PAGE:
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ARC Home > Faiths and Ecology > Sikhism > Sikh beliefs :

What do Sikhs believe?

What do you think?

how might the famous Sikh hospitality try to be greener?

what would happen on a Sikh Environment Day?

How many trees can a Sikh plant in one hour?

What does an EcoSikh do?

Sikhism - the vital statistics

  • Sikhism was started about 600 years ago in the Indian state of Punjab by Guru Nanak, the first of the religion's gurus (teachers). The word Sikh means disciple or student.
  • Guru Gobind Singh, the tenth human guru, decided that he should be succeeded by Guru Grant Sahib, the sacred text of Sikhism. This happened in 1708.
  • It is the fifth largest religion in the world with about 30 million adherents, of whom three quarters live in the Punjab.
  • Sikhism is noted for the distinctive turbans worn by Sikh men to contain their long, uncut hair, now a familiar sight worldwide.
  • The religion has a strong belief in seva or service, requiring Sikhs to contribute to the community life around them. When this is done in an organised way by whole communities it is called kar seva.
  • Sikh temples, known as gurdwaras, traditionally provide a vegetarian meal for anyone who wants it from a community kitchen called a langar.



What do Sikhs believe?

Sikhs believe in one God, Waheguru, with whom each person can be reunited through karma - doing good works and not doing bad things. They believe in reincarnation, that the soul can pass through many life forms, but that it is only as a human being can they knowingly choose to be good and thus achieve mukti to be reunited with God.

One God

Sikh basic beliefs are summed up in the words of the Mool Mantra, the first hymn written by Guru Nanak:
There is only one God. Truth is his name. he is the Creator. He is without Fear. He is without hate. He is timeless and without form. He is beyond death, the Enlightened One. He can be known by the grace of the Guru.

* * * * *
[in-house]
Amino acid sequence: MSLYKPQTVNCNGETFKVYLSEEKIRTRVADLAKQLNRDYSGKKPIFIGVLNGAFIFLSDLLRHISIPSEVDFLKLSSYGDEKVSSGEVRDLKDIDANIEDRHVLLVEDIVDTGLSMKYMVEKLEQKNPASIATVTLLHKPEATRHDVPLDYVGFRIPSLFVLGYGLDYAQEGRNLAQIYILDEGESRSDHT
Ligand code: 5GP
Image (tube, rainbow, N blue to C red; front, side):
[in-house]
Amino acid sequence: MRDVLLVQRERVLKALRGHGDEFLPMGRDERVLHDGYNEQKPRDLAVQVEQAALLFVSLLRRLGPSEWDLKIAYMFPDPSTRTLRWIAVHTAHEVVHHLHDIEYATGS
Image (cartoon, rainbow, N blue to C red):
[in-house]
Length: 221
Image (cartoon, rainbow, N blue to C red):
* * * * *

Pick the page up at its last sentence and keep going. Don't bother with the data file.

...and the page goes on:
When Sikhs speak of the Guru they are referring to God, the Great Teacher. God, the unknowable, becomes the teacher who reveals God to those who follow. God created everything, so all life is good, but attachment to material things leads to reincarnation and the sufferings of birth and death. The goal of Sikhism is to end the cycle of rebirth and be united with God.

Service and devotion

Sikhs emphasise two primary aspects of daily life: service and devotion to God. Service means honest work and service to the community, in which all are equal regardless of caste, creed, race or gender. Sikhism stretches that we must look to the full equality of all human beings and that we we need to look to the well-being of the wider society. Devotion is cultivated by singing devotional hymns and by meditation on the holy name of God.

The Gurdwara

At the heart of the Gurdwara is the sacred book Guru Granth Sahib
Sikhs gather for worship in the Gurdwara, home of the Guru Granth Sahib, where they listen to the scripture and sing hymns. An important aspect of community life is the tradition of the langar – the free community kitchen which is found every Gurdwara. Here Sikhs feed anyone who comes, regardless of their faith.

Sikhism and Nature

Sikh scriptures say that God is reflected in nature. The words of Tennyson: "I see him in the showering of the stars, I see him in the flowering of the fields," reflects a Sikh attitude to nature. At one time Sikhs had to flee to the forest because they were persecuted, and they found God there. For more on this, link to Sikh Gardens: a BBC radio programme produced by Mary Colwell on location in Khalsa Wood.

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Related information

Sikh eco-news
News from Sikh environment projects around the world
May 26, 2010:
Two exciting job opportunities to help create EcoSikh
The Sikh Council on Religion and Education announces two exciting vacancies for enthusiastic individuals who have both an affinity with Sikhism, and a passion for the environment. Deadline June 6.
March 12, 2010:
Sikhs celebrate March 14th as Sikh Environment Day
Sikhs around the world are being invited to celebrate Gurgaddi Diwas of the 7th Guru, Guru Har Rai ji,as a Sikh Environment Day